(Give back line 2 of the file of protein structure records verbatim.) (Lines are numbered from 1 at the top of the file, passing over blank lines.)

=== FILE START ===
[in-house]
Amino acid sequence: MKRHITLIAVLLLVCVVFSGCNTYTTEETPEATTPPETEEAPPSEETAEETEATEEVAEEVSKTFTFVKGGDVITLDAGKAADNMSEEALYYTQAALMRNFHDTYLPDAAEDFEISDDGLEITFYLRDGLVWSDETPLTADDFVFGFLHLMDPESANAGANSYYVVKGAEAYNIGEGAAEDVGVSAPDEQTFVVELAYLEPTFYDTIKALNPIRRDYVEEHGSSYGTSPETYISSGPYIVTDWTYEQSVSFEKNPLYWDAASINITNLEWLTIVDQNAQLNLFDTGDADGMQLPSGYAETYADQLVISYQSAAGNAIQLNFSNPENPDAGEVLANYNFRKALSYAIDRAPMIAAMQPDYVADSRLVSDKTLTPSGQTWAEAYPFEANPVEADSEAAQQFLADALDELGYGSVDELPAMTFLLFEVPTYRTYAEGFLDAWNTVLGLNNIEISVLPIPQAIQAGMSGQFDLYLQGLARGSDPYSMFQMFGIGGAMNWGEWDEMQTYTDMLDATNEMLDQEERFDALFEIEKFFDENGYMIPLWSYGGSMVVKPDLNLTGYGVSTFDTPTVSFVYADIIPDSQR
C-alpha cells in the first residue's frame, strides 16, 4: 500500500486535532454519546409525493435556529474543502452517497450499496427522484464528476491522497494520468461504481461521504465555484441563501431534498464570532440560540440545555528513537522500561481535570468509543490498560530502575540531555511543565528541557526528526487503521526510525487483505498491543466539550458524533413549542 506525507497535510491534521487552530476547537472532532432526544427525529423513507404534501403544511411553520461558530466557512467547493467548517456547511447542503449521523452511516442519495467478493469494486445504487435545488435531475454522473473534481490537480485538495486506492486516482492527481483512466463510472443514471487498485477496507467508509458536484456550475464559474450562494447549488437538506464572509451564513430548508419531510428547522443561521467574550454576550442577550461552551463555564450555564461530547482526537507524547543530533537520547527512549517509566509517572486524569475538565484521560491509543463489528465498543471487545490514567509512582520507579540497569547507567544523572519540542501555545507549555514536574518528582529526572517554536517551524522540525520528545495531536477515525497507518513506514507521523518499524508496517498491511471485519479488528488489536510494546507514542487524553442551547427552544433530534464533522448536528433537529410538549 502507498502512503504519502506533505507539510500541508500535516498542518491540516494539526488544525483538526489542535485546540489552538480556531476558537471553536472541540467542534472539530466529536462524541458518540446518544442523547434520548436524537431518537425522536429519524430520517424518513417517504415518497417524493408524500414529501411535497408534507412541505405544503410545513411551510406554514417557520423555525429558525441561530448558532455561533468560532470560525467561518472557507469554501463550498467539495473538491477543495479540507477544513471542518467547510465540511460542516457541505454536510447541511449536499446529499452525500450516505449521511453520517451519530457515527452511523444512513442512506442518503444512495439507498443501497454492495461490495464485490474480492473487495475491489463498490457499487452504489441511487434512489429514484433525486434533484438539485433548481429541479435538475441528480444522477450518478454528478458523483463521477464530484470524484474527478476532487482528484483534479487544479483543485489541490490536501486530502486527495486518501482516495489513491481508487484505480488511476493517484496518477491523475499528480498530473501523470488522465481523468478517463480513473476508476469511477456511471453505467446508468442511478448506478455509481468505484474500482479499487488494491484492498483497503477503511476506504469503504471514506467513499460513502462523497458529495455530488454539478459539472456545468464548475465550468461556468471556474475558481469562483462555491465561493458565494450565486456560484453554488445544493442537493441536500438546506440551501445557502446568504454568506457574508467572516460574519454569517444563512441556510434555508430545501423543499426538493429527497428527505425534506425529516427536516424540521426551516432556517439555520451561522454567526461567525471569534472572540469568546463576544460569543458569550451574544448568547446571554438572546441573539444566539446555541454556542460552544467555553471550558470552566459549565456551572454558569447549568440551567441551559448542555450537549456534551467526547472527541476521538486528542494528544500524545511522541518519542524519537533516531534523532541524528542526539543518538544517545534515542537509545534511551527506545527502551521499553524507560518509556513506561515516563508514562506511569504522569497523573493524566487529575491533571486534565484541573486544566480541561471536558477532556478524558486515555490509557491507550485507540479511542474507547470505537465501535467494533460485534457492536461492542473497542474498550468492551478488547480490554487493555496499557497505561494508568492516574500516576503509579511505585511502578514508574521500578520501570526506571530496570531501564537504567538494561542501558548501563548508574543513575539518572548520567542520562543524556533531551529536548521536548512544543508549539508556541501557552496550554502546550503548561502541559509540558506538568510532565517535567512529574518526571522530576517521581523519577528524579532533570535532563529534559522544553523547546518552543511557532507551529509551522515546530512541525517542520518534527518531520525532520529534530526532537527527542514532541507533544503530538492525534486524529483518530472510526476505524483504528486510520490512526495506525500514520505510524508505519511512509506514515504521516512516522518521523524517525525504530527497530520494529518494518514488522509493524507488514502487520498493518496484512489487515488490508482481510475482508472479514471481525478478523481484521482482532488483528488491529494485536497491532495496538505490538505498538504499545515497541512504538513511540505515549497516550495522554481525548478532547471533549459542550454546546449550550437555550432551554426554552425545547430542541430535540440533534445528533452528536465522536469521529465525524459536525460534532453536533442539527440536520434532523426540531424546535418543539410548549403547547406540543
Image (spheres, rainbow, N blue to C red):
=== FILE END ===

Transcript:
Amino acid sequence: MKRHITLIAVLLLVCVVFSGCNTYTTEETPEATTPPETEEAPPSEETAEETEATEEVAEEVSKTFTFVKGGDVITLDAGKAADNMSEEALYYTQAALMRNFHDTYLPDAAEDFEISDDGLEITFYLRDGLVWSDETPLTADDFVFGFLHLMDPESANAGANSYYVVKGAEAYNIGEGAAEDVGVSAPDEQTFVVELAYLEPTFYDTIKALNPIRRDYVEEHGSSYGTSPETYISSGPYIVTDWTYEQSVSFEKNPLYWDAASINITNLEWLTIVDQNAQLNLFDTGDADGMQLPSGYAETYADQLVISYQSAAGNAIQLNFSNPENPDAGEVLANYNFRKALSYAIDRAPMIAAMQPDYVADSRLVSDKTLTPSGQTWAEAYPFEANPVEADSEAAQQFLADALDELGYGSVDELPAMTFLLFEVPTYRTYAEGFLDAWNTVLGLNNIEISVLPIPQAIQAGMSGQFDLYLQGLARGSDPYSMFQMFGIGGAMNWGEWDEMQTYTDMLDATNEMLDQEERFDALFEIEKFFDENGYMIPLWSYGGSMVVKPDLNLTGYGVSTFDTPTVSFVYADIIPDSQR